Ariz. banks: $0.

Second-quarter failures

U.S. banks: 22.

Ariz. banks: 0.

Unprofitable banks

U.S. banks: 15.2 percent.

Ariz. banks: 40 percent.

Lending

U.S. banks: +0.9 percent.

Ariz. banks: +0 percent.

Deposits

U.S. banks: +2.9 percent.

Ariz. banks: -2.3 percent.

Return on assets

U.S. banks: 0.85 percent.

Ariz. banks: 0.03 percent.

Source: FDIC

by Russ Wiles The Arizona Republic Aug. 25, 2011 12:00 AM




Red ink gone for banks

Scottsdale apartment project proposed on Barcelona nightclub site

Barcelona

Courtesy of Ke Thoi A Scottsdale developer wants to tear down the once-popular Barcelona nightclub and build apartments on a site north of the Scottsdale Quarter.


A Scottsdale developer wants to tear down the once-popular Barcelona nightclub and build apartments on a site north of the Scottsdale Quarter.

Scottsdale Place LLC submitted a rezoning request last week that would allow construction of a four-story, 240-unit apartment complex at 73rd Street and Greenway-Hayden Loop.

The Residences at Zocallo Plaza would replace the nightclub and a nearby office building on a 6.42-acre site.

Economic conditions have created strong demand for high-end apartments, said zoning attorney John Berry, who is representing Scottsdale Place and Jeffrey Newburg, one of its principals.

"Merchants and employers in the area are very enthusiastic about it," Berry said.

The Zocallo apartments, just east of shops along Scottsdale Road, would be among the first apartments built within the original Scottsdale Airpark area.

Development surrounding the Scottsdale Airport was heavy with office-warehouse uses starting in the late 1960s but has expanded in the past two decades to include office complexes, design centers, hotels, car dealers, retail, restaurants and entertainment.

Barcelona, a 19,000-square-foot restaurant and nightclub, opened in late 2001 and had a strong run before the economy and its fortunes turned. It closed in June 2009 and no one stepped up to reopen the flashy club that attracted a wide age range of patrons.

Car-wash owner Danny Hendon, who built Barcelona, had a ground lease for the nightclub and his offices for Danny's Family Cos. remain on the north side of the proposed apartment site. Hendon filed for bankruptcy protection last year.

Scottsdale Place is asking for a zoning change to allow residential units within an airpark mixed-use development. The apartment complex would include four 48-foot-high buildings with interior corridors and half the parking underground.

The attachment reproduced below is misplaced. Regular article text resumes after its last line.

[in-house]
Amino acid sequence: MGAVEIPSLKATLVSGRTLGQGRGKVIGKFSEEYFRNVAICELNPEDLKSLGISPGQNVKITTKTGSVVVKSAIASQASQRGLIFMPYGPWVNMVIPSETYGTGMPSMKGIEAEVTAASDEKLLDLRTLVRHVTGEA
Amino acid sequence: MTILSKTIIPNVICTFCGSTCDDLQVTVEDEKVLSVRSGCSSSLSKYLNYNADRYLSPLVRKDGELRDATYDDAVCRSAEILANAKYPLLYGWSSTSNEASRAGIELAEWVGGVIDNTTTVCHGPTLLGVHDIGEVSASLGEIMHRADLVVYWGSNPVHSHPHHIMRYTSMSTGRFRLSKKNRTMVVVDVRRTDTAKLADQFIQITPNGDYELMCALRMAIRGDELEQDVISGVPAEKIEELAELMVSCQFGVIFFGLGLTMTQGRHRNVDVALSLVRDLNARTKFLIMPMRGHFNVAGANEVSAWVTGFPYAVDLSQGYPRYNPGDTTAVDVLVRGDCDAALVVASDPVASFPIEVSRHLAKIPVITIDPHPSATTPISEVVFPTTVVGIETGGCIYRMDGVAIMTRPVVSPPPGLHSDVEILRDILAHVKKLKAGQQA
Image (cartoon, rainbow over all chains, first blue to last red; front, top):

The apartments would be outside of an area surrounding the airport where noise-sensitive uses are not recommended.

"This is a true live, work, play environment," Berry said. "It's close to Scottsdale Road but far enough away from the airport."

Jim Keeley, founding partner of Colliers International's Scottsdale office, said apartments make good sense for the area and more multifamily projects are likely in the Airpark.

"The concept of mixed use has been around a long time, and it's picking up steam now," the longtime Airpark broker said.

Berry said he anticipates the zoning issues will be decided by the end of this year. If approved, construction of the apartments would likely start toward the end of 2012 and take about 18 months to complete, he said.

The two-story Barcelona Business Center northwest of Greenway-Hayden Loop and 73rd Street has a separate owner and would not be part of the Residences at Zocallo Plaza.

by Peter Corbett The Arizona Republic Aug. 24, 2011 09:03 AM


Scottsdale apartment project proposed on Barcelona nightclub site

Scottsdale apartment project proposed on Barcelona nightclub site

Barcelona

Courtesy of Ke Thoi A Scottsdale developer wants to tear down the once-popular Barcelona nightclub and build apartments on a site north of the Scottsdale Quarter.


A Scottsdale developer wants to tear down the once-popular Barcelona nightclub and build apartments on a site north of the Scottsdale Quarter.

Scottsdale Place LLC submitted a rezoning request last week that would allow construction of a four-story, 240-unit apartment complex at 73rd Street and Greenway-Hayden Loop.

The Residences at Zocallo Plaza would replace the nightclub and a nearby office building on a 6.42-acre site.

Economic conditions have created strong demand for high-end apartments, said zoning attorney John Berry, who is representing Scottsdale Place and Jeffrey Newburg, one of its principals.

"Merchants and employers in the area are very enthusiastic about it," Berry said.

The Zocallo apartments, just east of shops along Scottsdale Road, would be among the first apartments built within the original Scottsdale Airpark area.